In the current environment where asset values (i.e. PE ratios) are still generally expensive, where gold is still significantly undervalued, where the hotbed of potential geopolitical catalysts is getting deeper and hotter, and where the progressive government and its populace have become all but addicted to the inflationary doctrines as a source of boom times, we have no choice but to remain fundamentally bullish on the inflation trade and gold, and hence bearish on the Fed's resolve.

Fundamentals aside, moreover, while the intermediate trend sequence that kicked off last June in gold has been stronger and lasted longer than originally expected, I've said all along that the final buying spike in my outlook would occur on a meltdown in stocks generally. Specifically, I have been looking for a rollover in the general stock market uptrend that began in 2003 to result in just what we are seeing now - one last ST correction in the gold sector (concomitant with declines in all the other equity sectors that have been advancing along with gold over the past few years) as a knee-jerk reaction, then a final move to higher highs before the real correction starts. What's more, it has been my (written) contention that the historical purpose of this advance in gold prices all along was to prompt the central bank into action... that it would continue to appreciate until the central bank decidedly targeted inflation in other words. So here we are, except that the central bank has yet to back up its resolve. In my opinion, it can only afford this resolve to the extent that stock prices hold up and no one breaks the nervous peace before the next presidential election.

Gold Market Outlook

Following Bernanke's appointment, and up to last week, there's been a strange dearth of bearish facts to worry about outside of the recent volatility. This has changed now with Hank Paulson potentially taking over the task of carrying out US dollar policy and with the belated arrival of hawkish overtones at the Fed... the bears have finally made it to the ball game! But the substance of their potential bearishness is limited by the extent of their resolve. In the Fed's case, resolve amounts to tightening the screws even as asset prices fall and unemployment rises, if necessary. As far as the Secretary Treasury, his main job is to put a friendly and confident face on the currency, but he cannot postpone indefinitely the consequences of his own home made inflationary policies.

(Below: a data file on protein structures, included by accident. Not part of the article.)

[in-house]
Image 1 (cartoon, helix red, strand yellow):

The value of an inflation prone currency will invariably fall. The US Treasury's most significant current challenge with regard to US dollar policy is to smooth over relationships with those trading partners whose willingness to continue to finance the US budget and trade shortfalls has met with increasing reluctance, and who have indicated a preference to diversify out of their surplus dollar holdings, which in turn has far-reaching implications for the dollar's status as THE global reserve.

The job of how much the currency eventually depreciates is ultimately the Federal Reserve's.

After Robert Rubin's resignation in 1999, the job of Treasury Secretary fell first to an economist then a bureaucrat, then a corporate manager, all of whom were not generally considered as market savvy as Rubin himself, though it could be argued that they came in at a bad time and that not even Robert Rubin could have forestalled the subsequent demise in the real and foreign exchange value of the currency (any longer). But this is the first time since Rubin's departure that an apparently market savvy individual has considered accepting the position (coming from the same firm), which speaks volumes in of itself. It suggests, at least, that the smart money thinks that it may be safe to wade back in on the buy side of this currency now. On the other hand, it could signify the knowledge of certain possible events - a premeditated bear raid on gold, or a pre-emptive defense measure to ward off the inevitable currency crisis that has drawn ever near.